Kramer has experimented on a number of fronts. Mercutio is played by a woman (Golda Rosheuvel), a decision which offers exactly nothing, except a rather tawdry strip scene. The japing badinage of Romeo’s companions has gone, though it’s a nice touch to make Benvolio (Jonathan Livingstone) clunky, his puppy fat still there.

The more significant change, however, is the overlapping – “layering” is the word Kramer himself has used – of scenes, which becomes particularly apparent at the opening of second half. The effect varies, reaching its peak as Romeo and Juliet play out the actions of their separate scenes in the same physical space; they speak across one another, about each other, in close proximity. It feels natural actually, and offers insights: at times it seems close to the effect of operatic aria performance in which characters may be inhabiting the same stage but in reality are performing in isolation.

The director’s technical collaborators have obviously worked with him on every front – doing otherwise would have been impossible – and they will be assailed by all the charges launched at Emma Rice’s Midsummer Night’s Dream last year, principally the mic-ing of voices and use of stage lighting. Charging this show with irreverence to whatever the original Globe experience might have been in its time is simply irrelevant in itself, however. Amplification enhances the production – though voice-echoing could possibly go – as much as lighting allowed the sheer colour of the design to shine on a night when natural light was at a minimum (which, over this summer, may be quite often). The reservation is more that designer Gilmour has watched too many Alejandro Jodorowsky films, and composer Ben de Vries’s decision to play out the finale to a bad rock opera soundtrack takes away a great deal more than it adds.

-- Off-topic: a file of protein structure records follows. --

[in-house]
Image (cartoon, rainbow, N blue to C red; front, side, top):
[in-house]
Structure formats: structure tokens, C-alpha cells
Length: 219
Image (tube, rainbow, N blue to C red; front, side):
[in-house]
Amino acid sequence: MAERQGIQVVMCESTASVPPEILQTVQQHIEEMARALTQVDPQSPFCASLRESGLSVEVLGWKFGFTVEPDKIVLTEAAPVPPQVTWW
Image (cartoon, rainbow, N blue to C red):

It’s the battle line that will define Rice’s second – and, as we all know, final – season at the Globe. Her Midsummer Night’s Dream was a glorious show, but Kramer’s production lacks that special something. Throwing everything at us, it manages to leave that most crucial thing, the text, discarded in the wings: giving a completely new life and energy to a production doesn’t have to do that (remember some of the revelations of the Globe to Globe season). There’s far too much brouhaha to this Romeo and Juliet for the play itself to speak, let alone sing. I’m with the Nurse: “Lord, how my head aches!” 

Romeo and Juliet play out the actions of their separate scenes in the same physical space


Editor Rating: 
Average: 2 (1 vote)